top of page
  • Writer's pictureRobert Gidley

Pink Mountain, not elephants

July 31, 2022 (Sun)

Mile zero!

There was no trip log yesterday because Harvey didn’t go anywhere and neither did we. Harvey sat in the parking lot and rested, while we did laundry, some light shopping, exercised in the pool, soaked in the hot tub, and enjoyed our free breakfast.

One fun thing about coin-operated machines in Canada: they don’t take quarters! Our brains are so wired to see a coin slot and think “quarters,” that Robert went to the front desk to get $10 worth of quarters for laundry.

“What do you need them for?” asked the concierge, because Robert looks American and clueless.

“Laundry and vending machines, of course,” replied Robert, because Duh.

“Oh yeah, they all take loonies! Here you go!” and hands Robert ten coins.

Not only have Canadians eliminated pennies, they also have $1 and $2 coins. The one-dollar coins have a picture of a loon on the back and Queen Elizabeth on the front. They quickly got dubbed “loonies.”

The two-dollar coins are made from two different metals (it looks like a dollar coin ate a penny), so they’re called “two-nies.” You gotta like a country who admits their money is loonie-toony.

9:00 am Dawson Creek

Breakfast at the hotel breakfast buffet! And a nice breakfast it is, other than the last piece of French toast, which could easily have been used as a hockey puck at a local game. But the nice attendant lady went and got more of them, only less robust.

Yesterday, we had a chat with the attendant lady who cheerfully told us we didn’t need to wear masks any more. She then went on to describe how she was terribly sick for two months with Covid, even though she was vacc’d and boosted.

“Um, exactly,” was our reply.

10:55 am Mile Zero, Dawson Creek

Here we are at Mile Zero for the Alaska Highway!

We’ve been calling it the Al-Can highway, because we weren’t paying attention. For the first year (1942), it was called the Al-Can highway (because it connected ALaska and CANada). Apparently, this name was a little too ripe for comedy (“Oil Can Highway”), so the US and Canada agreed that Alaska Highway was a better name. (In case we forget to mention it later, this is the 80th Anniversary of the construction of the Alaska Highway!)

In the beginning was Harvey

And then we joined Harvey

Also, this isn’t exactly Mile Zero. Seems the original Mile Zero marker at the actual Mile Zero got hit by a car shortly after it was installed, so it got moved to here, where it’s harder to hit.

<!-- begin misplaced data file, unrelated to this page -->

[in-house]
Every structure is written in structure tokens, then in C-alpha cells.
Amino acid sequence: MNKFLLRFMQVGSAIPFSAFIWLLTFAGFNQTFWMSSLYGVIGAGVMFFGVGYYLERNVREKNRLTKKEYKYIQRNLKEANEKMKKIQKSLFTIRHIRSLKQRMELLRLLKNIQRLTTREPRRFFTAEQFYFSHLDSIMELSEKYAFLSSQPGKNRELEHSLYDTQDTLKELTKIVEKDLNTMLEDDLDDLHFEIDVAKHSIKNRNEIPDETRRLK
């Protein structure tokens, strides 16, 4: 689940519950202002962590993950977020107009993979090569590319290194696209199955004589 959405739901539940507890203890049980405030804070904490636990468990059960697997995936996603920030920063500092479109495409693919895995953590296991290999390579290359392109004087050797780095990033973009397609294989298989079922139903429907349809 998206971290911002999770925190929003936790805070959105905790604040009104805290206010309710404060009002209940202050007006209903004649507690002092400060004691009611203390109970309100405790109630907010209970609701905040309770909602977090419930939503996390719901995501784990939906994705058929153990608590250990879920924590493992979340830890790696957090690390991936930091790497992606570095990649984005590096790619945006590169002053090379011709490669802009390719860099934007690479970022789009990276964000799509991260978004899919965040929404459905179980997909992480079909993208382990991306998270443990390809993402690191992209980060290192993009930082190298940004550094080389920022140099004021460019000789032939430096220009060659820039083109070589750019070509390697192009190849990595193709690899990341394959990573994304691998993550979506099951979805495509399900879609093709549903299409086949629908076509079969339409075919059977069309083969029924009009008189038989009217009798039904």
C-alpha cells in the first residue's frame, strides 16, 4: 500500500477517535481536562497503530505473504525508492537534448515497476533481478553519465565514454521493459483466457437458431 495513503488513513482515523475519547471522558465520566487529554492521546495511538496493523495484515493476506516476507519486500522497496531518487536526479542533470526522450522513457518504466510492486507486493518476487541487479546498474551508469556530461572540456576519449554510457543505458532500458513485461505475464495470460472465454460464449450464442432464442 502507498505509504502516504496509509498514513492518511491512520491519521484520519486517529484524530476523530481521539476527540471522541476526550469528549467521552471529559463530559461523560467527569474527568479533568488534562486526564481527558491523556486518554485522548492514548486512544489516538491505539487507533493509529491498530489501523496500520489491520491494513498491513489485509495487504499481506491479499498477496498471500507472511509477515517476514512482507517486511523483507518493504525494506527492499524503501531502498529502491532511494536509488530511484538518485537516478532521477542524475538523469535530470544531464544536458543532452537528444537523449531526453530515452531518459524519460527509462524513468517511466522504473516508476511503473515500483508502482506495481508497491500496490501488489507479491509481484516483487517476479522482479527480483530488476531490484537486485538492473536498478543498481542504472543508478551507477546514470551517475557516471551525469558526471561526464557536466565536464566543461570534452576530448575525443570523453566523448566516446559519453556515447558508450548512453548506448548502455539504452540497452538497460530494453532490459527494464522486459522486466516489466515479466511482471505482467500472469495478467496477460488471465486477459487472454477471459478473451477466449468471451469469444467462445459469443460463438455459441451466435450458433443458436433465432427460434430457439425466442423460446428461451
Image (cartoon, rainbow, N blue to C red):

We also get some Mile Zero gas for $1.90 a liter.

12:30 pm

Ah! Finally some nice, cool weather. It’s in the low seventies here and we’re very comfortable. We take particular delight in noting that it got to 95° in Woodinville yesterday. Ha ha—all that driving north has finally paid off!

Of course, the Extreme Heat advisory has immediately been replaced with a “Severe Thunderstorm Warning,” and we’re hoping to get to our stopping place before we have to dodge lightning strikes.

The terrain started out as mostly rolling hills and farms that has gradually given way to rolling hills and trees. We don’t feel as though we are out in the wilderness. It feels more like driving up to Bellingham—first you get the Skagit Valley farms, then a bunch of trees.

There are plenty of places to stop for gas and donuts.

Typical scenery with town in distance

2:00 pm Pink Mountain

We reach our stopping point at mile 143 on the Alaska Highway: the booming metropolis of Pink Mountain, population 100. It’s about halfway to Fort Nelson and has an RV park. It’s a bit of a ramshackle RV park with dirt roads and sickly-looking trees (and the owner originally assigned us to a spot occupied by somebody else), but it’s home for the night.

There is a Pink Mountain somewhere around here, but it’s about 10 miles in the wrong direction and apparently it’s not bright pink, so it doesn’t sound worth the effort.

Pink Mountain is also the only place in British Columbia with a herd of free-roaming bison. So we stop at the Buffalo Inn for lunch.

Robert orders a chicken burger and gets the most amazing looking chicken salad he has ever seen. It’s full of spinach and chicken and green peppers and cucumbers and all manner of greenery.

The waitress explains: “I wasn’t sure what you ordered, so I brought you this!”

Since it’s delicious, we don’t object. Also, it’s way healthier than what Robert ordered. We’ve discovered a restaurant that serves you what you should eat, not what you want to eat.

Harvey parked at Pink Mountain RV Park

9:30 pm Pink Mountain RV camp

After a late snack (we didn’t need dinner on account of that chicken salad), we make the bed and fall asleep counting lightning strikes, as the rain pours down on the very waterproof Harvey.

“One, two, three—oh, that was half a mile away”

“One, yawn, two, snore

By the numbers

"Numbers don't lie. Women lie, men lie, but numbers don't lie." (Max Halloway)

Miles traveled so far: 938*

Estimated Percentage of total road miles: 27%

Days so far: 7 days

Estimated Percentage of total road days: 23%

Gini & Robert

Harvey Staff

22 views1 comment

Recent Posts

See All



In the matter of free-roaming buffalo, it put me in mind of an event many many years ago when my mother and I rolled into an "overflow" campground in Yellowstone in our truck and camper (not nearly as fancy as yours; this was the 1960s). All of the spots in the real campground were full so Mister Ranger directed us to a field where other folks were parked, as well. Unlike modern rigs, we had no toilet facilities in our old Cardinal Camper so, when, in the middle of the night, I felt the need to urinate, I opened the door to the camper, intent on whizzing on the grass, and met a whole herd of buffalo. They were contentedly…

bottom of page